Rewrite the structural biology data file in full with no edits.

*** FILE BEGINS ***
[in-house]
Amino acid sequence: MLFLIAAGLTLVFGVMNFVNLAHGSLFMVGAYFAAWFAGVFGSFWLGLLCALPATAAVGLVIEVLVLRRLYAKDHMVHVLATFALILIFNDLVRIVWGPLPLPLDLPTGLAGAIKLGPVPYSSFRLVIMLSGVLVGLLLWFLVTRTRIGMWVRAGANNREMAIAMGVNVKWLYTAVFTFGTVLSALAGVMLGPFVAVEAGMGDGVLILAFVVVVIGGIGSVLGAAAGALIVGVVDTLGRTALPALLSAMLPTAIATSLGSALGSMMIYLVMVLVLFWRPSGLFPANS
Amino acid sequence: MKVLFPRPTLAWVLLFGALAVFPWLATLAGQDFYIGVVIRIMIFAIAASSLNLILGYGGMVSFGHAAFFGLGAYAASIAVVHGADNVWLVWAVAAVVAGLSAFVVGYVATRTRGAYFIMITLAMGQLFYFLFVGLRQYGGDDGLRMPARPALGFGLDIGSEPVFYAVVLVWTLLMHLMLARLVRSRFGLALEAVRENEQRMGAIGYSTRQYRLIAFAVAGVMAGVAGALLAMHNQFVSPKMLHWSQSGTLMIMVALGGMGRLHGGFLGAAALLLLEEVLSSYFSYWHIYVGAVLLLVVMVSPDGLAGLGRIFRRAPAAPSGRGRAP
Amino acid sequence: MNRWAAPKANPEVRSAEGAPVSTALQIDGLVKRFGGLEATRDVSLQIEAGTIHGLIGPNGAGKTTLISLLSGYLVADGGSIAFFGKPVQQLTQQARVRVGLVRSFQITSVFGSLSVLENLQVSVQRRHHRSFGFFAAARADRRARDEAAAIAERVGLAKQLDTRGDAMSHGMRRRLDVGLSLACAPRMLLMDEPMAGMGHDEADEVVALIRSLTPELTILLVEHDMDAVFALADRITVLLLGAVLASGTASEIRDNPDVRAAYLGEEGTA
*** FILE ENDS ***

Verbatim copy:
[in-house]
Amino acid sequence: MLFLIAAGLTLVFGVMNFVNLAHGSLFMVGAYFAAWFAGVFGSFWLGLLCALPATAAVGLVIEVLVLRRLYAKDHMVHVLATFALILIFNDLVRIVWGPLPLPLDLPTGLAGAIKLGPVPYSSFRLVIMLSGVLVGLLLWFLVTRTRIGMWVRAGANNREMAIAMGVNVKWLYTAVFTFGTVLSALAGVMLGPFVAVEAGMGDGVLILAFVVVVIGGIGSVLGAAAGALIVGVVDTLGRTALPALLSAMLPTAIATSLGSALGSMMIYLVMVLVLFWRPSGLFPANS
Amino acid sequence: MKVLFPRPTLAWVLLFGALAVFPWLATLAGQDFYIGVVIRIMIFAIAASSLNLILGYGGMVSFGHAAFFGLGAYAASIAVVHGADNVWLVWAVAAVVAGLSAFVVGYVATRTRGAYFIMITLAMGQLFYFLFVGLRQYGGDDGLRMPARPALGFGLDIGSEPVFYAVVLVWTLLMHLMLARLVRSRFGLALEAVRENEQRMGAIGYSTRQYRLIAFAVAGVMAGVAGALLAMHNQFVSPKMLHWSQSGTLMIMVALGGMGRLHGGFLGAAALLLLEEVLSSYFSYWHIYVGAVLLLVVMVSPDGLAGLGRIFRRAPAAPSGRGRAP
Amino acid sequence: MNRWAAPKANPEVRSAEGAPVSTALQIDGLVKRFGGLEATRDVSLQIEAGTIHGLIGPNGAGKTTLISLLSGYLVADGGSIAFFGKPVQQLTQQARVRVGLVRSFQITSVFGSLSVLENLQVSVQRRHHRSFGFFAAARADRRARDEAAAIAERVGLAKQLDTRGDAMSHGMRRRLDVGLSLACAPRMLLMDEPMAGMGHDEADEVVALIRSLTPELTILLVEHDMDAVFALADRITVLLLGAVLASGTASEIRDNPDVRAAYLGEEGTA